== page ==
Another limitation is the possible difficulty in navigating. In several instances during this study, observers lost their sense of orientation while ‘inside’ the intracardiac anatomy. Understanding the orientation of a 3D visualization of echocardiographic images is often difficult due to the lack of visible anatomical landmarks. A navigation system would be sufficient in resolving the disorientation problems .
There are still some limitations on visualization due to artifacts of moving heart and moving floppy heart structures. 3D reconstruction of VE depends on the quality of the original images of which judged on the presence or absence of artifacts throughout the cardiac cycle. The acquisition of multiple cardiac cycles may cause stitch artifacts. Poor acoustic window and minor patients’ movement can also result in artifacts. Additionally, only the 2D TTE images were selected for analysis. It is possible that the 2D transthoracic echocardiogram might not capture the clinical diagnosis of a congenital heart disease, whereas a transesophageal matrix array transducer probably does not incur problems with acoustic shadowing and can provide images of good quality. Even though this is a potential limitation of the study, it does not have much of an effect from our perspective because only high quality transthoracic 2DE and VE images were included in the study. Our initial research demonstrated that 3DE can serve as a clinical tool for VE. Further studies are necessary to improve image quality and “reality” of endoscopic mode images.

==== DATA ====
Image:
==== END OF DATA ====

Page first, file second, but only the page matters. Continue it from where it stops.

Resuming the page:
Moreover, the study is limited by the lack of a gold standard for the diagnosis. Although clinical findings served as the gold standard for the clinical diagnoses of congenital heart defect, clinical diagnosis of normal hearts was made using 2D Doppler transthoracic echocardiography.
Admittedly, the study is limited by the relatively small sample size, as only 40 patients were compared between the 2D and 3D image analyses. However, the conclusion of the study should not be weakened by the small number of patients. Moreover, they were not analyzed in a quantitative pattern, which prevents robust assessment.
We have demonstrated that three-dimensional echocardiographic virtual endoscopy can enhance our understanding of intracardiac structures and provide intuitive, reproducible, and clinically useful visualizations. Virtual reality techniques may provide important information by specifying the spatial orientation of the intracardiac anatomy, versus standard 2DE. This technique can aid cardiologists by adding many two-dimensional slices to accurately form three-dimensional objects from these data. The role of 3DE VE in clinical practice has yet to be clarified. However, this preliminary VE study allows us to speculate on situations in which this novel method may be useful.
Virtual reality expands the capabilities of noninvasive cardiology and may open new doors for the evaluation of congenital heart diseases. In order to accomplish this, prospective studies will be needed.
This work was supported by the National Natural Scientific Foundation of China (No. 30371497). The authors thank Dean Ta (Fudan University) for reviewing the article.
Conflict of interest statement The authors declare that they have no conflict of interests.